the following functionalities: (1) theinmechanical
the testing
system; (2) the
structure willmechanical
house all of interface will provide
the electrically- the flexibility to connect
and mechanically-actuated a variety in
components of the
plugs of the
testing
tested harnesses;
system; (2) theand (3) the safety
mechanical interfaceassurance will prevent
will provide any potential
the flexibility riskaofvariety
to connect the manual
of plugsintervenes
of the
tested harnesses;
duration the courseand (3) the safety
of testing. assurance
Therefore, will prevent
the main any potential
functional risk ofof
requirements thea manual
mechanicalintervenes
system
duration
include the course of testing. Therefore, the main functional requirements of a mechanical system
the following:
include the following:
‚ Requirement for enclosure: This will be integrated with the control system so that the hardware
 interface
Requirement for enclosure:
to a cable harness This can will be integrated with
be automatically the control
adjusted system
for the so thatharness
specified the hardware
subject
interface
to testing. to a cable harness can be automatically adjusted for the specified harness subject to
testing.
‚ Requirement for actuation: This is for the moving mechanism, via which the interface can be
 Requirement for actuation: This is for the moving mechanism, via which the interface can be
self-reconfigured to provide the connections for the testing of different harnesses.
self-reconfigured to provide the connections for the testing of different harnesses.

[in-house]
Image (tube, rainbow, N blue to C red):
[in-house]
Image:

‚  Requirement for interface: This is for the interface to make the physical connection to a cable
Requirement for interface: This is for the interface to make the physical connection to a cable
harness to be tested;
harness to be tested; it is adjustable so thatso
it is adjustable all that
wiresallof the harness
wires canharness
of the be connected
can beappropriately
connected
based on the information of its configuration.
appropriately based on the information of its configuration.
Following
Followingthethe
axiomatic
axiomaticdesign
designtheory,
theory,the
theindependence
independence of functionalrequirements
of functional requirementsand anddesign
design
variables areare
variables considered,
considered,and this led
and this ledtotothe
the need
need to develop
to develop five functional
five functional modules.
modules. Figure 4Figure
shows 4
shows
thesethese modules:
modules: supports
supports for individual
for individual pins,pins, configuration
configuration of pins,
of pins, actuation
actuation of the
of the pinpin array,
array,
securement
securement of pins, and and
of pins, the testing controller.
the testing Hardware
controller. components
Hardware needed
components to be designed
needed or selected
to be designed or
for selected for these modules
these functional functionalaccordingly.
modules accordingly.

Figure
Figure 4. 4.Five
Fivefunctional
functionalmodules
modules of
of the
the mechanical
mechanical system.
system.

4. Implementation
4. Implementation ofof the
the ProposedTesting
Proposed TestingSystem
System
Figure 5 illustrates the main components of the conceptual testing system. The proposed system
Figure 5 illustrates the main components of the conceptual testing system. The proposed system
was prototyped and implemented to evaluate its testing performances. To reduce the cost, the frame
was prototyped and implemented to evaluate its testing performances. To reduce the cost, the frame of
of the mechanical system used the off-the-shelf extruded aluminum products; only the moving parts
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the mechanical system used the off-the-shelf extruded aluminum products; only the moving parts in
Robotics
the mechanical 2017, 6, 42
system are machined, and again, the materials for these machined parts are 6common
of 13
in the mechanical system are machined, and again, the materials for these machined parts are
industrial
common materials,
industrialsuch as aluminum,
materials, such steel, and
as aluminum, steel,stainless
and steel. To To simplify the
thegraphical user
in the mechanical system are machined, and again, the stainless
materialssteel. simplify
for these machined graphical
parts are
interface
user (GUI),
interface